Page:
The Blog

The World Is a Better Place Thanks to Google

Google may not be ethically unblemished, but to condemn the search giant, one must also condemn 90% of big business. Which is fine. Feel free to do that. I myself am not so keen on corporate hegemony, but why single out Google, when it's one of very few companies committed to more than just maximising profit.

Google isn't evil.

Schmidt, Page and Brin aren't sitting in their Californian office-space, plotting their next move to destroy the world, like some kind of post-millennium Legion of Doom rebrand. Or Kim Jong Un on any given day.

Google is a business. And as far as businesses go, it's pretty conventional. Strip away the mythology of office slides and Mensa-esque interviews and you're left with a company that, like any other, is primarily looking to make money. It doesn't owe you a thing.

Now you can debate the ethical implications of capitalism all you want, arguing that the endless pursuit of financial gratification is in itself morally wrong. I'm not interested in that right now (I am on almost any other occasion, especially down the pub); right now, I'm interested in dealing with the world as it is and the ways it's progressing. And that world is becoming more and more 'Google-ised'.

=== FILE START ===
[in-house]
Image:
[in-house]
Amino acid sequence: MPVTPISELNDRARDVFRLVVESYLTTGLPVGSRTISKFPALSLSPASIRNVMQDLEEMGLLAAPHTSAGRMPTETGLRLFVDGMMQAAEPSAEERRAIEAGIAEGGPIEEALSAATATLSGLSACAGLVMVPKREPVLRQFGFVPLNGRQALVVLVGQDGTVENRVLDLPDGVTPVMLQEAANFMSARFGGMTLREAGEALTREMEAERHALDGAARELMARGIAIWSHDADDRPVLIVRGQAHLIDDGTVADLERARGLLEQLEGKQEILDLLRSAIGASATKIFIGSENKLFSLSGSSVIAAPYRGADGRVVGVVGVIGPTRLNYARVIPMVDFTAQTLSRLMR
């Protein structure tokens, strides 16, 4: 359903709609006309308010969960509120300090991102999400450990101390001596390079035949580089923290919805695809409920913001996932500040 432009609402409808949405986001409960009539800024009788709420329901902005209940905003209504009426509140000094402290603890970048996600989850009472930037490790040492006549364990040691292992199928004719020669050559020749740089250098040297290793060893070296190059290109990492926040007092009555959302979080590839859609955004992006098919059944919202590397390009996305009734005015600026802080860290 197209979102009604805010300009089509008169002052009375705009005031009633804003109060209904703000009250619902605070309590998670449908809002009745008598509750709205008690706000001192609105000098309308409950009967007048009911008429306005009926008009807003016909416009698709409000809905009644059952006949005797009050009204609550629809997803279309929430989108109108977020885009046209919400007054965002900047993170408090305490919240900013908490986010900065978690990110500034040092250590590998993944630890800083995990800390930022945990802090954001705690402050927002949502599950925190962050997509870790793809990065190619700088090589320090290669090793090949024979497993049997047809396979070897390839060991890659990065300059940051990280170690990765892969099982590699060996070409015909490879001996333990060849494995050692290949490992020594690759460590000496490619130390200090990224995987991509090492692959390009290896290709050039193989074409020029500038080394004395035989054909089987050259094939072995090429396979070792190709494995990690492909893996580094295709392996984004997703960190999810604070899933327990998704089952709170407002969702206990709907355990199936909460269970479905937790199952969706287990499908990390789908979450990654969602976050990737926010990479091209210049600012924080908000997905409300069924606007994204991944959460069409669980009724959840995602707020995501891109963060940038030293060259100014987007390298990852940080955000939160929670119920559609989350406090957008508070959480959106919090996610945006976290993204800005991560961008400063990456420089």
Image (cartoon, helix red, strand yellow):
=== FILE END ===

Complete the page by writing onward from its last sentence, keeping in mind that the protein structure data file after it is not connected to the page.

I remarked that Google is primarily looking to make money and there's a reason that I used the word 'primarily'; because Google is also trying to make positive differences to human existence. Don't believe me? Well, start believing; you're about to get a good ol' fashioned explanation.

Without a doubt, there will be those who read this and immediately think 'what about the unpaid taxes and the over-zealous/invasive data-collection?'.

To answer that, I would say that the taxes issue is systemic and common practice for everyone from Amazon to Vodafone. That's not to justify it, but instead to at least explain it in the context of the current climate. Surely, it's the responsibility of governments to close the loop-holes?

In terms of the perceived excess in data-collection; it baffles me why there is such hostility towards Google and yet so little for Facebook, LinkedIn and all the other online services that try to find as much out about their users as possible.

What I'm saying is Google may not be ethically unblemished, but to condemn the search giant, one must also condemn 90% of big business. Which is fine. Feel free to do that. I myself am not so keen on corporate hegemony, but why single out Google, when it's one of very few companies committed to more than just maximising profit.

Right there in its mission statement it says 'Don't be evil'. I think that's why so many people take umbrage with Google's apparently morally-grey activity. When you set yourself up on a pedestal, be prepared to get pelted with stones (said no-one ever, but you've got to love that mixed metaphor).